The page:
One of the strangest features of the Taiwanese urban landscape is the abundance of arcades: slim game-lined shops that flash neon lights and jangly music. I've found myself strangely drawn to the claw machines, which are totally addictive and a great way to lose some heavy coins while killing time. After trying for a tofu-headed toy and a Taiwan beer coin purse, I finally got my first win: a Manjiukun in China cellphone accessory. Though I have no idea what Manjiukun is- some sort of jellyroll?- and I have no plans to dangle him from my cell phone, I am rather keen on his tiny changeable outfits and stylish Eunuch's cap.

Monday, July 21, 2008

Taiwan Treats: Pudding Milk.

"Pudding" is an unusual term in that it seems to mean something different in every part of the world. In the US, pudding is a very specific smooth, custard dessert- most commonly associated with the Jell-O Brand and Bill Cosby (are pudding pops still on the market?). In South Africa, 'pudding' tends to be used as a general catchall for desserts; an invitation to a potluck might ask that you bring a salad, drinks, or 'the pudding.' I have no idea what it means to the English, but I imagine it involves some sort of meat and an obscure Anglican holiday.

In Taiwan, like in the US, pudding specifies a specific dessert- only here, it's a formed caramel custard rather similar to flan. It was this kind of pudding that found itself as the flavoring for a milk-box that Bordeaux picked up for me at the minimart. The drink itself was a little unusual, though not as much as I expected. It had a slightly off-putting buttery flavor, but that was outbalanced by the pleasant taste of a creamy caramel.

Friday, July 18, 2008


With the exception of a few small showers, July in Taiwan has been marked by baking heat and searingly sunny days. That sunshine disappeared today as the brooding clouds of a tropical storm passed over the island. The city darkened, bamboo groves rattled in the wind, and the roads flooded with muddy water.

Thursday, July 17, 2008

A sesame milk tea in Taichung.

The town of Taichung is famous in Taiwan for its impressive range of teahouses. Though the idea of a 'teahouse' tends to conjure images of paper lanterns, imperial interiors, and palm-sized cups, in Taichung, teahouses can be as modern or as traditional as you'd like. This is, after all, the city that gave the world bubble milk tea and pearl milk tea- thereby dropping Taiwan's median tea drinking age by at least twenty years. On a weekend visit to Taichung, we checked this out for ourselves at Teaworks, an attractively modern cafe.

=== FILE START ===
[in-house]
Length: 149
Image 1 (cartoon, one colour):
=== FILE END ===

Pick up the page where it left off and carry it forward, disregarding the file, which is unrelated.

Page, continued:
Though the building was starkly modern, with angular columns lifting the glass-box interior above the earth, it contained thoughtful nods to classical Asian style. Frangipani trees blossomed around the exterior, stone Buddhas were tucked into niches in the wall, and plump red and gold koi fish swirled below the building's stilt-supported frame.

We took a table outside, where cleverly placed misters provided respite from the sultry afternoon heat. The kitchen prepared a number of small snacks, but the focus was of course on the tea. The menu offered an abundant range of brewed beverages, and had a list of milk teas that spilled from one page onto the next. After deliberating over milk teas flavored with taro and red bean, I selected a black sesame milk tea. It arrived on the table in a tall glass dripping in condensation, the creamy liquid capped in ground black sesame seeds.

Tuesday, July 15, 2008

Taiwan Treats: Pomelo Sprite.

For those readers who, like myself, can't read Mandarin, I'll translate- this is a bottle of pomelo flavored Sprite. And for those readers who, like myself one year ago, don't know what a pomelo is, I'll explain- it's a large bowling ball sized fruit, similar to a grapefruit, but with a slightly sweeter and less bitter flesh. Native to Southeast Asia, it's also known as Chinese Grapefruit .Though it's tough work extracting the juicy pink segments from the thick, fibrous skin, the tartness of the fruit is rather enjoyable, and it's the basic ingredient for one of my favorite Thai dishes, a tangy salad called yam som o.

Considering that pomelo is a relatively Asian specific fruit, I was a little surprised to see it marketed as a flavor for an international soda. Primarily for that reason, I picked up a bottle. The product itself wasn't terribly impressive: not particularly evocative of a pomelo's flavor, and marked by the slight sugary sliminess of regular Sprite. But at the very least, it had me thinking about the intersections between consumerism and globalization. On one hand, the fact that this Sprite is pomelo flavored is a comforting sign that even in the face of international trends and dictates of taste, regional communities are able to assert their own tastes to the degree that an international corporation would develop a unique product as a response. On the other hand, is this just a clever tactic for an international corporation to expand its global economic territory?

Monday, July 14, 2008

Lei cha.

On a rainy Sunday afternoon, Bordeaux and I braced ourselves against the drizzle and zipped into the mountains. We passed through distant Hsinchu suburbs, among Castle kindergartens and shop-sized Taoist temples, before rising above the city into the green bamboo-clad mountains.

Our destination was the town of Beipu, a popular mountain retreat at the heart of the ethnic Hakka Community. Once parked, we slogged through puddles into the town center. Weaving through the snack-stands and crowds of weekend tourists, we found a cobblestone lane lined with intimate teahouses. We selected an especially inviting one, and ducked in to shake off the last coat of rain. The waitress showed us to a heavy wooden table, set under a delicately glowing paper lantern. We knew one thing we wanted- lei cha. The rest, we asked for our waitress to suggest.